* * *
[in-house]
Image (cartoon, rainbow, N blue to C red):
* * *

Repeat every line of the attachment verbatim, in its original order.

[in-house]
Image (cartoon, rainbow, N blue to C red):